July 31, 2007 By Adam Stone
What good is a map if you can't read it when you need it? This is a fundamental question that's plagued GIS planners in San Diego, who've been searching for a convenient way to get geographic data to mobile city and county workers.
"The problem is all about accessibility of data," said Andrew Abouna, executive director of the San Diego Geographic Information Source (SanGIS), whose job it is to maintain and promote the use of a regional geographic data warehouse for the San Diego area.
Now Abouna said he found a solution - software that'll help SanGIS, a GIS partnership created in July 1997 between the city of San Diego and San Diego County, send GIS data to BlackBerry smartphones in the near future.
The issue, as Abouna describes it, is that mobile workers can carry map information on the go, but the information is static. A map on a laptop, for instance, can show the situation on the ground, but any change to that map can only show on the laptop if the device is synchronized at the home office. True mobility would mean the capacity to map evolving situations, such as missed service routes or the changing boundaries of a wildfire.
Nader Tirandazi is the IT group manager for the San Diego Office of the Mayor, and oversees IT throughout the city's public works agencies, including the Environmental Services Department. His office is working with SanGIS to build a prototype for channeling information about refuse collection to BlackBerry devices.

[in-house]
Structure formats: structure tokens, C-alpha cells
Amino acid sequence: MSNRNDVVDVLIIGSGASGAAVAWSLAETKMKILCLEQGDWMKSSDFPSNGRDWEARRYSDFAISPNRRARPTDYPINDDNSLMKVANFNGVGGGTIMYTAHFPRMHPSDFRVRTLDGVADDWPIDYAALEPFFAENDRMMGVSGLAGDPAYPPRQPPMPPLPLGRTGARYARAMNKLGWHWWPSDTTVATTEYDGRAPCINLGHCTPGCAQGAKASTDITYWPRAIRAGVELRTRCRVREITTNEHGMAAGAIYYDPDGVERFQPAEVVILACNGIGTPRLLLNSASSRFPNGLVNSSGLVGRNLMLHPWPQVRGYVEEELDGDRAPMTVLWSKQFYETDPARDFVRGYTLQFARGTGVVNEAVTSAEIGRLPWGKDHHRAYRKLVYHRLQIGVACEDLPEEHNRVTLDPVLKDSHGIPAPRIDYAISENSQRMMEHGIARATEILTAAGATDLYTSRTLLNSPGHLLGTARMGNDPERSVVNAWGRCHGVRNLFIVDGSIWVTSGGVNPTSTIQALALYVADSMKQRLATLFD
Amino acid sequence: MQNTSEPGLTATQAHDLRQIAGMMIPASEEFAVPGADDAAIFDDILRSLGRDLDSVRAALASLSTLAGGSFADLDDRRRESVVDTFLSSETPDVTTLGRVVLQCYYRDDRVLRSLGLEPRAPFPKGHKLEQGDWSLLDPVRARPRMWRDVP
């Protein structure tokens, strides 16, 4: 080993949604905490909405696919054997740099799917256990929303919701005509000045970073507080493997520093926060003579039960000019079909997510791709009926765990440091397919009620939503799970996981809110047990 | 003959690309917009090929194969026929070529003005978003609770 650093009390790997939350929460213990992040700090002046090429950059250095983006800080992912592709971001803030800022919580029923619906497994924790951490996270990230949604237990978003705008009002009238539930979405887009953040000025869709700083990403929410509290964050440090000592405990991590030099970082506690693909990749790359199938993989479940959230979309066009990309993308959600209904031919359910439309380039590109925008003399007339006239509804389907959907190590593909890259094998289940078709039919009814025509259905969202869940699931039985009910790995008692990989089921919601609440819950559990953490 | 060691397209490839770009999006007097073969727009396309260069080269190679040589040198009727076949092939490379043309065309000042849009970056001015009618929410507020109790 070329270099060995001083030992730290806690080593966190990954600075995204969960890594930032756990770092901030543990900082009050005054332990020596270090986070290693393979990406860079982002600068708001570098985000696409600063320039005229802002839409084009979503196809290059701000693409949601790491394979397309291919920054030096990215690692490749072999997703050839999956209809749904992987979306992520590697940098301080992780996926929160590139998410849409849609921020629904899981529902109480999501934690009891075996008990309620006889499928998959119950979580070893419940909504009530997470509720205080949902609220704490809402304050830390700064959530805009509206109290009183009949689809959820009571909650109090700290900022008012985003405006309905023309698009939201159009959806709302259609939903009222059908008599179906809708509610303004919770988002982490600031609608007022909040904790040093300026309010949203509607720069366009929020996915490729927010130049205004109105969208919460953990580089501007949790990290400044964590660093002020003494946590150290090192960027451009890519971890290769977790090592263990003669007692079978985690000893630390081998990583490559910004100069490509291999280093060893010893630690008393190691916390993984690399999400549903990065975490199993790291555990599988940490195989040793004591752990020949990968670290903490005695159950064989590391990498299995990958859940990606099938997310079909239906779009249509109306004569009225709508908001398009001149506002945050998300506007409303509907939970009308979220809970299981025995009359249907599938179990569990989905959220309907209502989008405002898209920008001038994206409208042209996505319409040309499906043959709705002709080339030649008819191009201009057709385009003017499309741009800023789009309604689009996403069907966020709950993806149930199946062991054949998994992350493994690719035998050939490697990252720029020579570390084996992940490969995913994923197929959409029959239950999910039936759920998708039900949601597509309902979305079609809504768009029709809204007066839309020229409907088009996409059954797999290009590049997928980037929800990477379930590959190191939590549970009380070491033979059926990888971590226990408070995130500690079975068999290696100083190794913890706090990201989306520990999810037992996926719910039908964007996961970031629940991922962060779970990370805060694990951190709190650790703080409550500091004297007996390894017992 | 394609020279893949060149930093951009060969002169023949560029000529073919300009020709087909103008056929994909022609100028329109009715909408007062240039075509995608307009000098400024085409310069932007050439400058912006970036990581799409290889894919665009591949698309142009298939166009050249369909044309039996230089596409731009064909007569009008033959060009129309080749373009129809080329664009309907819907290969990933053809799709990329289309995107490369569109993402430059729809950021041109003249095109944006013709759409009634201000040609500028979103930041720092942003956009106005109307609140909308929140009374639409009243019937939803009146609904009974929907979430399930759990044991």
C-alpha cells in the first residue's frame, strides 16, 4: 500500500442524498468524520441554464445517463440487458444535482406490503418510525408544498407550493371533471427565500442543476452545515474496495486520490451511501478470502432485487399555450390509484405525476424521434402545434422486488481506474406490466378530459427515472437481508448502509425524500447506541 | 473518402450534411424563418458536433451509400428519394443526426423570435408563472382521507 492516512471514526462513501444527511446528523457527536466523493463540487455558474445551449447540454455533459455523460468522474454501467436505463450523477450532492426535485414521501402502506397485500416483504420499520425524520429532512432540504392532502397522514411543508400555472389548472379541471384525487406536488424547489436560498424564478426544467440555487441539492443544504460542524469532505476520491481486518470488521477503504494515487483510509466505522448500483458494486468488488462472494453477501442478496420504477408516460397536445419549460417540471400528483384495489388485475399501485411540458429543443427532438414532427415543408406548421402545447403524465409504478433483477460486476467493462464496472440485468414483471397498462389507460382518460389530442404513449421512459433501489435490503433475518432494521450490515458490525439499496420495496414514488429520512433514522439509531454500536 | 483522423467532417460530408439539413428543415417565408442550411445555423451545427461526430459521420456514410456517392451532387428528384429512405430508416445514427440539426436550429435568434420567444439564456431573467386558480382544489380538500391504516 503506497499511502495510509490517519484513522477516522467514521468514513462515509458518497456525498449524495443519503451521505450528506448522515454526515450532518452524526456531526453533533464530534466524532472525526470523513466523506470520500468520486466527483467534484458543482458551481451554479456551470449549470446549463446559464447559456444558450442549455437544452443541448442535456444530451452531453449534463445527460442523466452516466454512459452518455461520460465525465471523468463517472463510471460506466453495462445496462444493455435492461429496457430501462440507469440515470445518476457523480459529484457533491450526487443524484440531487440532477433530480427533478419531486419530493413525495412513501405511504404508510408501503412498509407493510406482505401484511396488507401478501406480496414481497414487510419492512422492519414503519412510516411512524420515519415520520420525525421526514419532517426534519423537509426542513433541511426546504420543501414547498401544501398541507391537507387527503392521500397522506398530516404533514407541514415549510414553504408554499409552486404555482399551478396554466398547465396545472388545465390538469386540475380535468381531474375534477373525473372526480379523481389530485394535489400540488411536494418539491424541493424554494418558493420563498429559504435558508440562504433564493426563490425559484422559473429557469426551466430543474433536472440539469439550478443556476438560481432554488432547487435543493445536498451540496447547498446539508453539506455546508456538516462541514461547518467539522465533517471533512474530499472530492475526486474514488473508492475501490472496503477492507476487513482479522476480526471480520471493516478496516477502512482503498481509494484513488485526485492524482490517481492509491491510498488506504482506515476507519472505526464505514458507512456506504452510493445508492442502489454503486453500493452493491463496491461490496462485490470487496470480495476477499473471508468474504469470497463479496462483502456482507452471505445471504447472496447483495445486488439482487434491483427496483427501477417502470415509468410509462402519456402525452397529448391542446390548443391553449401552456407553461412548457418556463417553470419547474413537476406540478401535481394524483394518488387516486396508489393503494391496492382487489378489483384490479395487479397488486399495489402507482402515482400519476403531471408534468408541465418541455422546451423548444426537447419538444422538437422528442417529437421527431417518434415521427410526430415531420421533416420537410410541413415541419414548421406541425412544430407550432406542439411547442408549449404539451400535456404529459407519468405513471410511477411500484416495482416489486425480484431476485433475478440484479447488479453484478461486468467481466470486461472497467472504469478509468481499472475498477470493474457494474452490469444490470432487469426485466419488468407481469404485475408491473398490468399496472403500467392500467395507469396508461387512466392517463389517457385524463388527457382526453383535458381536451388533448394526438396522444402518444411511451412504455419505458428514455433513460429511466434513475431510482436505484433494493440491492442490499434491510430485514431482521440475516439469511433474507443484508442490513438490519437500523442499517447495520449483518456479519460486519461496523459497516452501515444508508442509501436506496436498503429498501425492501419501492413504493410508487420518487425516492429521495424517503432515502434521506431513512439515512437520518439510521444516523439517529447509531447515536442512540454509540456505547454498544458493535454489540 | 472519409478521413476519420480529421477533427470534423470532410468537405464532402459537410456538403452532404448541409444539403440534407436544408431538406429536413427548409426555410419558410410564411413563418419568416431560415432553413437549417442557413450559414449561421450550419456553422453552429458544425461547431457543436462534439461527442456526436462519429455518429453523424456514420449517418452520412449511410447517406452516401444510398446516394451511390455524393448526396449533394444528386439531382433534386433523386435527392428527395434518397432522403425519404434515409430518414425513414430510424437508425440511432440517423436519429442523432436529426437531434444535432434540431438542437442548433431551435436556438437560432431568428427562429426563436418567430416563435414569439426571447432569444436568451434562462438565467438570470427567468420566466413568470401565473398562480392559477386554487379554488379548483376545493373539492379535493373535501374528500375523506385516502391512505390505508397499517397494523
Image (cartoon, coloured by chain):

"This probably will be the most effective area for us," Tirandazi said. "Look at a missed trash stop. When a citizen calls for a missed pickup, you could actually send that order to a BlackBerry and a supervisor could look up that address on a map, send out the closest driver and then close out that work order."
Today that order is e-mailed to a manager's cell phone who then radios a driver. But there's no map functionality to show drivers' locations to assess which driver might be closest to the site.
Planners call this functionality a big leap forward, but does a BlackBerry really make more sense than a laptop for this kind or work? Yes and no.
It's technically feasible, and no less difficult, to push GIS data out to a laptop. All things being equal, Abouna says the BlackBerry format has many advantages.
"Size really is the issue," he said. For workers on the road, especially emergency workers looking for easy access to location information, the handheld device is, well, easier to handle. "You could do it with a laptop, but obviously it is bigger and more cumbersome, which makes it less user-friendly. It also has a longer startup time as compared to a handheld device."
To this extent, handhelds would appear to have a decided advantage for employees needing to access GIS data.
The fact that the smaller devices are easier to use is reflected by the fact that many city and county employees already buy the handhelds for their own purposes, despite the fact that government authorities aren't yet paying for these devices, Abouna said.
As prototype applications start to come online, he speculated, supervisors may begin to acquire BlackBerries for their workers. Among other things, prototypes might help supervisors see which employees could benefit most from these devices. Less clear is the long-term cost of ownership of a handheld versus a laptop. Abouna expects this will factor in if and when government offices begin to acquire BlackBerries.
Despite its convenient size and other advantages, the BlackBerry may not to be a perfect fit for all occasions.
You may use or reference this story with attribution and a link to